Australia: Boat Arrivals of Asylum Seekers Rising

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Department of Home Affairs / AP

Two Australian naval boats approach a vessel believed to be carrying 72 asylum seekers on April 29, 2009, near Bathurst Island off the coast of Australia

On the evening of April 15, a small wooden vessel was spotted making its way toward the northwest coast of Australia. By dawn, the Australian navy had intercepted the boat. As members of the HMAS Albany stepped on board, they noticed a strong smell of gasoline. Moments later, the craft exploded, leaving all of its human passengers — 47 Afghani asylum-seekers and two Indonesian crew members —stranded in the water. Five Afghanis died, and dozens, including four navy personnel and the crew, were injured in the blast.

Five months later, the cause of the explosion on Suspected Illegal Entry Vessel (SIEV) 36 — as the Australian government later named it —has not been determined. But The Australian has reported that the fuel was deliberately ignited by the Indonesian crew members, believed to be human smugglers, as an attempt to prevent authorities from turning the boat back to Indonesia. Afghan elder Hassan Gulam, who interviewed the refugees, recently told the press that it was an accident that occurred during refueling. Wherever the truth lies, the investigation became a political powder-keg when rumors started to circulate that the Australian Defense Force had footage of Australian navy personnel pushing traumatized refugees from clambering on board their ship. To fan the flames of the potential scandal, Northern Territory coroner Greg Cavanagh blocked the release of the videos and photos to the public until he completes the inquiry.

As Cavanagh's office untangles April's events, one thing is certain: The number of asylum seekers seeking to enter Australia by boat is on the rise. Nine months into 2009, there have already been 1239 recorded "irregular maritime arrivals" in Australia; in 2008, there were only 161 during the whole year. On September 11 and September 12, two boats carrying 148 asylum-seekers were discovered off the northwest coast of Australia. On September 16, another boat carrying 58 people was intercepted 265 miles (420 km) north of Broome in Western Australia. Just the day before, the Australian government announced that in co-operation with Indonesian authorities 1000 potential asylum-seekers were blocked from coming to Australia this year. Those caught were following a familiar passage: a flight to Indonesia, a payment of $10,000-$15,000 to a smuggler and a makeshift place on a fishing boat barely sturdy enough to make the journey.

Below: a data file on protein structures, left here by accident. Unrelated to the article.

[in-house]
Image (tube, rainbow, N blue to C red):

Australia's stance on immigration has been riddled with controversy for almost a decade. After a flash flood of boat arrivals in 2001 — 43 boats full of 5,516 asylum seekers arrived that year — the conservative John Howard government established the grimly named "Pacific Solution," which diverted asylum seekers arriving to Australia by boat to remote detention centers scattered around the Pacific Ocean. Holding camps were set up on the small island nation of Nauru and Manus Island in Papua New Guinea, where would-be refugees were kept indefinitely while their applications were processed. Many were confined in the premises while construction was still being completed, much to the dismay of human-rights groups, and some legitimate refugees were stuck in the camps for more than three years.